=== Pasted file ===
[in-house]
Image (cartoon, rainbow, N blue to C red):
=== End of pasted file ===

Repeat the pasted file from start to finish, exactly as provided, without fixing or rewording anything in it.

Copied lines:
[in-house]
Image (cartoon, rainbow, N blue to C red):